Andros Bahamas History: Island of the Holy Spirit
Following Columbus’ landfall in the Bahamas in 1492, the Spanish first discovered of Andros around 1550. The island was given the name “Espiritu Santo,” the Island of the Holy Spirit” by the Spanish, but is also called San Andreas on a 1782 map. The modern name is believed to be in honour of Sir Edmund Andros, Commander of Her Majesty’s Forces in Barbados in 1672 and Governor successively of New York, Massachusetts and New England. Some say that the island could have been named after the inhabitants of St. Andro Island on the Mosquito Coast as 1,400 of them settled in Andros in 1787.
Around the 18th century, pirates staked positions on Andros in an effort to prey on passing ships traveling between Cuba and Florida. Sir Henry Morgan headquartered at what is known today as Morgan’s Bluff, in north Andros.
Loyalists and their slaves also settled in Andros in the 19th Century. Cotton and sisal were grown and later sponging became a flourishing industry in Andros for many years. By the 19th century freed slaves found their way to Andros. Seminole Indians from Florida also came–first as visitors, then as settlers. The two groups intermigled. A small community sprang up around Red Bays, where they farmed corn, harvested fish and plantains, yams, potatoes and peas. They also worked in lumbering, sponging, and pirating.
Legend has it that a sort of leprechaun or gremlin known locally as the chickcharney holds sway and migrated to Red bays in the 19th century with the Seminole Indians. The Chickcharnee, the most famous of the mythological creatures of Andros, is said to live in the tops of the tallest pine trees on Andros. Legend has it that if you cross the Chickcharnee, he will turn your head on backwards. Other lesser known mythological creatures include the Lusca of the blue holes, the Bosee Anansee, and the Yahoo (no relation to the search engine company).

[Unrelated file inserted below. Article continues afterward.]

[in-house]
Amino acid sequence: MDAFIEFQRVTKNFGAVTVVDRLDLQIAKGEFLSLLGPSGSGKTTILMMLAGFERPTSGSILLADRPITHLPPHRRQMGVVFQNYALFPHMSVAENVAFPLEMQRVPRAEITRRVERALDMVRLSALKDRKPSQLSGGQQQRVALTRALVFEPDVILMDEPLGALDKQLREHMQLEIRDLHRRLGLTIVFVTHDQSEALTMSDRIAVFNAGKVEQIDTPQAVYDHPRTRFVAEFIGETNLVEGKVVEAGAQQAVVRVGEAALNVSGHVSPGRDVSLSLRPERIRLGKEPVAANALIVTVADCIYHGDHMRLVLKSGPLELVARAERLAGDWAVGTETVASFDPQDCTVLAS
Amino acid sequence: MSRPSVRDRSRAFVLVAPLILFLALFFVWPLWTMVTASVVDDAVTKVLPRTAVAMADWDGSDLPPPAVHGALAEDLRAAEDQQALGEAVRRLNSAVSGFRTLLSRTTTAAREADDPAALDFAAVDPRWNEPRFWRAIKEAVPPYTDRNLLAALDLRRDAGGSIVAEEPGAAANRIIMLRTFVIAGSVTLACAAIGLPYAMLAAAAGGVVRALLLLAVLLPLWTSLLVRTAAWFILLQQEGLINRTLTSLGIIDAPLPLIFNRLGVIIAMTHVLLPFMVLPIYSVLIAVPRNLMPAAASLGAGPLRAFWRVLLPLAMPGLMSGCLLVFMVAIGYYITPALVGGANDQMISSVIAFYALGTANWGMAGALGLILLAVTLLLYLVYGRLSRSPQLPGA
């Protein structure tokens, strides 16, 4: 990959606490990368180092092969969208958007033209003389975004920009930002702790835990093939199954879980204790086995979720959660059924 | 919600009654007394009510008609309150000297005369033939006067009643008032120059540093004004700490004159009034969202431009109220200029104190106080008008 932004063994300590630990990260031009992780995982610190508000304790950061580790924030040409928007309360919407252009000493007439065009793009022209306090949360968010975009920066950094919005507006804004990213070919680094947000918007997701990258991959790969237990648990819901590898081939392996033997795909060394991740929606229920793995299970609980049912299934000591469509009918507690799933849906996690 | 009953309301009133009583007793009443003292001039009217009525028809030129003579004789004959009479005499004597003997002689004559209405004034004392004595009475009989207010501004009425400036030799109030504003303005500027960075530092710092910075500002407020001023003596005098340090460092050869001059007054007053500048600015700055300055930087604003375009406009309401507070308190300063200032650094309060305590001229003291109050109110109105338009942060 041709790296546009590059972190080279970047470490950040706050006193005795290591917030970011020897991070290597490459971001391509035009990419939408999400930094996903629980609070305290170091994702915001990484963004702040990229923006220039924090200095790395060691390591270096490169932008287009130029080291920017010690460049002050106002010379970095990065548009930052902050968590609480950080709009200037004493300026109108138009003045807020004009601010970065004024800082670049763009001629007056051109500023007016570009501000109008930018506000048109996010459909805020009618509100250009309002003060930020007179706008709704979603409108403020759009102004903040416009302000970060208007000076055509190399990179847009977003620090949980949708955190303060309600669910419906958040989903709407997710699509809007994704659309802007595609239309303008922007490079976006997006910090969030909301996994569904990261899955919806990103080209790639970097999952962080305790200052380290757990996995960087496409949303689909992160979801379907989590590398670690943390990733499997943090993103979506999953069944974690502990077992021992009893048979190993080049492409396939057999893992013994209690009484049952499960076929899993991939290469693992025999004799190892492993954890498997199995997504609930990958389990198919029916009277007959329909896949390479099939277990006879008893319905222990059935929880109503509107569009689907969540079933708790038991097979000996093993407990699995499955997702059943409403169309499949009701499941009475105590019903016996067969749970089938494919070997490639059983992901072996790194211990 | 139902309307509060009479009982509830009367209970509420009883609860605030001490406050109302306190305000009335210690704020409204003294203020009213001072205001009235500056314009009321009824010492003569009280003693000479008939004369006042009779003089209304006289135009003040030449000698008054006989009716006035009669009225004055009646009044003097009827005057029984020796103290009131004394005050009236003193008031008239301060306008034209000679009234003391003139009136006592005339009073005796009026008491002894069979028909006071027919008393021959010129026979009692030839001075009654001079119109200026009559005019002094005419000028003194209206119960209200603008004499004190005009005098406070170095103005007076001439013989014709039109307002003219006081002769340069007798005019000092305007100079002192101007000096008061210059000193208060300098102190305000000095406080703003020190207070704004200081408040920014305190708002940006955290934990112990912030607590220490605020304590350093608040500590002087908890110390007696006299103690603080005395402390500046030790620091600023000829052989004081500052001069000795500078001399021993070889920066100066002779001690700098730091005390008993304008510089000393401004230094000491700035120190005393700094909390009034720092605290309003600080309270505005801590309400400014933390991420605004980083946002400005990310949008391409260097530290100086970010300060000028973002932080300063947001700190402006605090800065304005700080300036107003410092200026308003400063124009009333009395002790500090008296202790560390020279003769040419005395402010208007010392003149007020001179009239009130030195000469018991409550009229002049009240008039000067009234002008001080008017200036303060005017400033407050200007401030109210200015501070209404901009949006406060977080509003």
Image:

Small communities established them selves up and down the east coast of the island, with the population peaking at about 8,000 where it remains today.
A type of fabric called Androsia is manufactured in Andros. Androsia is the local type of batik fabric, produced in a variety of bright vibrant colors and designs. It is distributed widely throughout the Bahamas.
With a formidable barrier reef on one side, and the shallow water flats of the Great Bahama Bank on the other–Andros remained overlooked for many years from any potential development. However, the Bahamas government is working hard to change that.